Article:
First of all, I wish to make it clear that "Moodle Monkey" is not my phrase, and that it has been cleared by Mandy herself for use in this blog. It does not apply in the sense of a thousand simians hammering randomly at a thousand typewriters for a thousand years and producing Shakespearean text. There is nothing accidental about Mandy's work: she nails it on the first take, no mulligans or do-overs for her. Like Mozart, her manuscripts are unsullied by false starts or corrections or additions.
Rather, it applies in the sense of deftness, of rapid, sure movements, of total confidence in unzipping the banana file or dropping the instructional coconut right on the head of the new wiki. There is also a generous excess in these moves: asked to find a few grammar web sites, Mandy gives you 15 or 20. Need this in two days? You get it in an hour. She even eats from the big Costco bag of salty tidbits only the stuff Renee and I find less appetising; she leaves the nuts, bless her east coast heart.
There is, too, at least one anti-monkey side to Mandy: her magnificent sense of order. Curious George, she is not. Chaos is not caused: it is reduced and quickly eliminated. It is infinitely comforting to know that our rough-hewn artefacts will be edited, cleaned up, converted into the appropriate format and installed in exactly the right place. Items are labeled, catalogued, saved, cross-referenced and installed with rapidity and precision. MOODLE could well stand for Mandy's Optimally Organised Digital Learning Environment.
In the end, though, the most marvelous thing about Mandy is her fearlessness. Anxiety can be infectious and at the beginning of this enterprise my own nervousness was definitely seeking a playmate, a friendly ear into which to pour my stuttering reservations and darkest terrors. And Mandy is no fan of the Moodle, no delighter in things technological, no Internet thrill seeker. Yet when (t)asked to join the team, she grasped without hesitation the proffered digital liana and swung off into the on-line jungle with courage and determination so catching that one could not resist following.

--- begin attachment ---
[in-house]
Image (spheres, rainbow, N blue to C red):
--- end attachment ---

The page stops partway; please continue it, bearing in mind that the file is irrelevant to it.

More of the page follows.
I am reminded of Garry Kasparov's comment: "I don't know we can exist, knowing there exists something mentally stronger than us." He meant computers. This, of course, was after he, once world chess champion, was defeated by a computer. Well, the antidote to this particular form of existential angst would be Mandy: she is definitely mentally stronger than the Moodle, she knows this and she knows this will always be the case. Kasparov lost, in the view of several commentators, not because the computer was a stronger player but because it never became nervous or agitated; in the face of such an implacable opponent, the human grand master eventually lost his cool and made mistakes. Mandy is marvelously cool: her lack of fear of everything on-line is accompanied by a slight but detectable disdain and the combination seems to guarantee that she eventually wins every face off.